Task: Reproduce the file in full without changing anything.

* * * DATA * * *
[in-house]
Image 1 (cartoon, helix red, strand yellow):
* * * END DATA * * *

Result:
[in-house]
Image 1 (cartoon, helix red, strand yellow):